Remember it is just a budget. There will soon be much learned comment about the first Labor Budget for 13 years with people judging how good or bad it is on the basis of what are nothing more than a set of guesses largely suggested by economists after playing with their computer models and then approved by politicians. The one thing we can say with certainty is that in important respects the guesses will turn out to be wrong because they always are.
This morning’s mugs? When as a journalist you make a bold prediction about what will happen on the day of an event you had better get it right or you will look an awful mug. There is no doubt that Malcolm Farr and Sue Dunlevy in this morning’s Daily Telegraph were bold in their story that “the first Rudd Government Budget tonight will dump work for the dole”. But will they be right? Well if we can believe Treasurer Wayne Swan at a press conference this morning the odds are against the Telegraph pair. “We’re keeping work for the dole,” Mr Swan said. Maybe there was a let out in the words added by the Treasurer foreshadowing changes to the scheme, saying there would be more investment in training and an expansion of “programs for the most disadvantaged in the labour market.” We shall soon see.
Mean people of Canberra. The Canberra Times clearly thinks its sagging circulation will take a further hit if it joins with other Fairfax titles and puts news from the paper on its website at a reasonable hour. While the Sydney Morning Herald and the The Age post stories from their print edition in the early hours of the morning, in Canberra they wait until well into the day. At least it shows the local daily knows something about its readers – public servants are a notoriously mean lot predisposed to saving a dollar if they can. So they’d be happy to get what they want from the internet for nothing.
She won’t go tomorrow. Hillary Clinton keeps battling on and the Crikey Election Indicator suggests she won’t be going from the race tomorrow either. The probability that she will beat Barack Obama in the West Virginia Primary is 98.7%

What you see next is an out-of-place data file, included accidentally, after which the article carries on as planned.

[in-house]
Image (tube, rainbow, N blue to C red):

The Daily Reality Check
Wayne Swan wears the wrong kind of glasses. It is the big goggle eyes of the party boy Corey Worthington that readers are interested in this morning. The most featured item on the internet lists is the “flaxen-haired hellraiser” having amassed a $200,000 fortune and now preparing for a movie career. Treasurer Wayne barely gets a mention but his moment of glory should come in the morning.
The Pick of this Morning’s Political Coverage
- Backdown on school ‘league tables’ – Justine Ferrari, The Australian
- Baillieu vows purge as Lib’s race slur exposed – David Rood and Paul Austin, The Age
- Budget hits rich but goes easy on jobless – Malcolm Farr and Sue Dunlevy, The Daily Telegraph
- Tanner sharpens razor – David Crowe, The Australian Financial Review
What the world is reading on the net
Six Indians dead in a car accident in the United States beats seven or eight thousand killed in a Chinese earthquake for the readers of the Times of India. Still, over at the site of The Independent in the UK they are giving death and destruction a miss for the day with a third appearance at the top of their most read list to a photographic exhibition featuring “the weird world of bodybuilding”.
- United States – LA Times: Anxious Chinese Americans follow news of quake
- United States – USA Today: Ban on Archuleta’s dad stirs a lively ‘Idol’ debate
- UK – The Independent: Body works: Photographs from the weird world of bodybuilding
- UK – The Times: Aid trickles into Burma, but toll ‘could reach 1 million if disease set in’
- Singapore – The Straits Times: China quake leaves 8,533 dead in one province: Xinhua
- China – The People’s Daily: Earthquake measuring 7.8 Richter scale hits SW China
- Canada – Toronto Globe and Mail: Stingray deaths another blow to Calgary Zoo
- India – Times of India: Six Indians killed in road accident in US
- Australia – The Australian: Thousands dead in China earthquake
Some Quotes for Budget Day:
A good budget is an oxymoron
— Amory Houghton, US Congressman (D-NY) 7 Oct 1990.
When it comes to budget cuts, everyone wants to go to heaven, but nobody wants to die.
— Jean Chretien, Canadian Minister for Finance, 2 Nov 1978
How does a government reduce expenditures? To be absolutely flat about it, 99 percent of it is accomplished by putting people out of work. Now that is a tough way to say it, but it is a fact.
— George M. Humphrey, US Secretary of the Treasury, Apr 1954
How do you balance the budget, cut taxes and increase defense spending at the same time? It’s very simple. You do it with mirrors.
— John B. Anderson, US Congressman (R-IL) 1980